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Thread: Sm57+MD421 Mic combo for Amp

  1. #41
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    Direct sound from a close mic is going to give you a detailed and articulate capture of the guitar, but it's dry and a bit unnatural. Not necessarily "big". Getting the core sound you want (the source) and the mic placement correct so that your monitors are making the sound you want is critical, but the sense of size usually comes from having some space. A mic placed farther away from the amp can help as it starts to pick up room reflections, but that might start to take away from the better qualities of having a close mic.

    One idea is to use a nice room mic like an SM57 or something, and have it a few feet away from the amp aiming the null of the microphone at the speaker. You want the business end of the mic pointed the other way from wherever the amp is, so you're capturing the reflections off the walls, not the amp. I probably wouldn't try to time align something like this. The distance from the amp will create phase issues and comb filtering, but also a delay. Severe phase cancellation from near coincident mics wouldn't be the issue. It can work as a very natural ambience generator and a size control of sorts. Even small amounts of this kind of signal blended with the close mics should have a fairly obvious effect. There are fun things you can try on this type of signal like smashing the living daylights out of it with a compressor, and using high and low pass filters to control the frequencies of the room reflections.

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    snow lizard - I honestly think this is the missing key for me though, room mics in general. I only really started moving in a better direction on my lead tones once I started placing an LDC some distance back from the amp. I'll say that I really don't like room sound on my heavy rhythm guitars though, not for metal. I did leave a room mic up recording I believe and chose not to use any of the signal in the blend. Some great tips snow lizard. I'm enjoying checkin in on this thread for more ideas and hearing others experiences. Is not recording a room mic but instead using an impulse response real room verb a legit way forward do you think? Something to play with on my next tracking session perhaps?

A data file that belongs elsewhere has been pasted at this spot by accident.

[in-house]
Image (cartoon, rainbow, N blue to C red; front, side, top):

GoodTimesRec - I have some basic treatment to the left and right of me but I don't really think it's doing much, just some acoustic tiles. I want to get some proper broadband absorbers with air gap. I was toying with the idea of building my own, I can't really get OC703 over here but there is an equivellent RockWool RW3 which is cheap enough. I am unsure of the black fabric material also, you are supposed to be able to breath through it. I am not sure if to DIY, or buy ready made panels yet. As soon as I put those bass traps in though, I need to juggle the whole room around. My guitar amps are in 1 corner and my rack in the other. Maybe time for a new desk with build in rack, and moving amps into a different room. I dunno. . . Can't afford traps etc yet anyway.

    The apollo interface was what I wanted ideally. I am using a focusrite 18i20 which is like a third of the cost. I used the apollo once, nice UAD plugins, and no latency. I think I remember the pre-amps were really nice. Long time ago but I remembered it enough to want one myself.

    I route my project down into a lot of busses, once I group my main instruments together I then just create another buss of all Drums/Bass/guitars/acoustics/vocals/synths/All Effects>PreMaster>Stereo outs. as typical example. I can treat the Pre-Master as my stereo out for the song, but keep the stereo out for reference tracks only, plus an instance of my sonarworks and analyzer/metering plugins.